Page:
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26 Nov 2020

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Relationship with the EU

As we enter the last weeks of negotiation between Britain and the EU, things are not looking good. All the possible outcomes look both painful and expensive for the UK. How did we get here? At the root of the problem is the British government’s definition of sovereignty.

It is a definition closer to that used by North Korea than to that of any other free-trading western nation, focussed above all on absolute physical control of borders, laws and money, rather than effective control of the things that will protect Britain’s interests.

It is this definition that will make Britain’s separation from the EU so painful and expensive, and effectively reduce Britain’s sovereignty not increase it.

This misunderstanding of sovereignty has impacted directly on the negotiations, and explains why the government has consistently sidelined Britain’s economic interests (except fishing) in the interests of what they declare to be Britain’s ‘sovereignty’, rather than the national interest.

Sovereignty misunderstood?

It was the greatest weakness of the Remain campaign that they failed to challenge Leave’s definition of sovereignty and explain that the reality of Brexit meant throwing control away, not taking it back.

Trading across borders means regulating across borders, and the more you want to trade, the more regulation you need.

This goes for services and data as much as for goods: ‘sovereignty’ in this context means having influence not only of regulation in your domestic market but in the markets you sell to and buy from.

In the 1960s, Britain vividly experienced the drawback of having no control over the European market and too small a domestic market to provide a secure base for its manufacturers.

EFTA did not provide what was needed, so only membership of the EEC would enable Britain to defend its national economic interests effectively.

It was less a case of giving sovereignty away than, by sharing it, extending our sovereignty to mainland Europe.

It is a thinner sovereignty, less absolute than the North Korean variety, but more effective in protecting British interests because it provided far greater influence over the shape of regulation in our main market, as well as on the position of Europe in international affairs – issues that matter more and more in an increasingly unstable world. It provided a de facto veto on both.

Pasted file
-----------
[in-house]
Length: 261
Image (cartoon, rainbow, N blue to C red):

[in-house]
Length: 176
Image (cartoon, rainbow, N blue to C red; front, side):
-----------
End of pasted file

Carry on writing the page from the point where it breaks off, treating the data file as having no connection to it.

That is, you won’t always get your own way, but you can prevent your neighbours going the wrong way.

Ultimately, real sovereignty means having a seat at the table, a voice in the debate and a vote on the outcome.

Brexit threw all that away: we are left with a paper sovereignty that sounds good but has no effect.

We become a rule taker from countries and Unions bigger than us, rather than a rule maker. As Sir John Major recently underlined, in global terms, Britain is not really that big.

Brexiteers argue that their definition of sovereignty, physically controlling borders, laws and money, nevertheless reflects the ‘national interest’.

But this exposes that their understanding of British national interest is in reality confined to their party political interest.

First, the British economy needs immigration if it is to grow: if people don’t come from Europe, they will come from elsewhere.

Second, European laws will still affect all our exports to Europe, but we no longer have any influence over them. Third, the money we save is far less than the additional costs of separation.